The Pretty, Pretty Pictures
I really liked the first page of the issue. In a series of five horizontal panels, the page gradually pulls in closer and closer to Wolverine who we eventually find is standing by himself at a balcony deep within the New Atlantis stronghold. It nicely characterizes the immensity of the weight Logan’s thoughts are having on him, contrasted against the large scope of the landscape; a solitary man with much on his mind while an entire world functions around him. The page was followed by another series on the balcony where Jean crept up behind Logan and joined him at the balcony. I liked how the sequence was put together as Jean slowly comes into the picture from the shadows and eventually takes her place alongside Wolverine; the final panel showing them side-by-side as they recollect their pasts and how they felt about the alternate versions of each other.
The next several pages are fairly straight forward, focusing more on the moment-by-moment interactions between the characters. This all built up to the kiss, however I didn’t like how the panels were arranged on that page. It begins with a single panel at the top, moving then to the right, and then awkwardly to the left side of the page before continuing on to successive panels down the right side. Each captured their kiss almost frame-by-frame up until its occurrence, before breaking away once the Sentinel arrives. This leads further on into a great fight scene where we’re reminded just how strong Jean Grey is as she decimates the Sentinel in seconds. The issue employs much of the same throughout, but uses perhaps too much white space in a number of pages later on, while almost mirroring the Jean-Wolverine kiss with another towards the end of the issue. The rest of the issue is solid, anchored mostly by Brooks’ strong pencil work; most notably however were the final few pages leading up to the last page where X-Force and company are running through the halls and Kirika is blasted by an unknown assailant, revealed to be Wolverine on the final page.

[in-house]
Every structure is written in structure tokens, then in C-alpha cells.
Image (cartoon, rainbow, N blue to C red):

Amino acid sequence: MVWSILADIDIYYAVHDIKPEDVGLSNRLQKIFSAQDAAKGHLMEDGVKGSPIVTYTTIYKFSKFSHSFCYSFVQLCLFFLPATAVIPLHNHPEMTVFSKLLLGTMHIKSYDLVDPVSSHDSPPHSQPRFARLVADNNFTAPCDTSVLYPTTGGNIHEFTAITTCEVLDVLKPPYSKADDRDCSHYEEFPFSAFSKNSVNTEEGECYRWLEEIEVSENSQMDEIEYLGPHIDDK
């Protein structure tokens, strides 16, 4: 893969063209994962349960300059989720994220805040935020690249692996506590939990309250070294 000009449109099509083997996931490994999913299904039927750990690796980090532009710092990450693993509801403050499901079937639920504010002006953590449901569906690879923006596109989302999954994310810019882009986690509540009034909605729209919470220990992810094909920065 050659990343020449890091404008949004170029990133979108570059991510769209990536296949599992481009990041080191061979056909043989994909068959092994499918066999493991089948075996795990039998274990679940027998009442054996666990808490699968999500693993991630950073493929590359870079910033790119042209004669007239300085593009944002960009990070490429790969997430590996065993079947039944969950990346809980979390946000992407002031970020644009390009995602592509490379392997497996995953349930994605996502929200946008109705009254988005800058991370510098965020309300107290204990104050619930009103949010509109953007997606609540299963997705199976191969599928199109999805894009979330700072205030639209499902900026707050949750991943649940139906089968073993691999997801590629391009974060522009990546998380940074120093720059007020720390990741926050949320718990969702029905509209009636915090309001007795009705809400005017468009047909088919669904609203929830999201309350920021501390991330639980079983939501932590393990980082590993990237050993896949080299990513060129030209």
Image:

I feel like the issue was a mixed-bag. The story was moved forward only marginally, focusing more on the re-establishment of the Jean Grey-Wolverine relationship rather than pushing the Dark Angel story ahead. The Jean-Logan kiss felt like it happened organically and didn’t feel forced despite the obviousness of its build-up. The emotional roller-coaster dove down from that point was blandly steady for much of the book’s middle before the incremental crescendo leading to the final page. The book successfully hit its emotional points, although the story itself was rather uneventful beyond the Jean Grey-Logan conversation and the final few pages building towards the issue’s revelation. The artwork was very good throughout much of the issue, and I was pleased with how the story was conveyed through the team’s art. Although not a great issue, it functioned to move the Dark Angel arc ahead by adding another layer to the story. Despite this being an “off” issue in story development, it still was successful in setting the stage for the rest of the arc and affords it some fun places to go.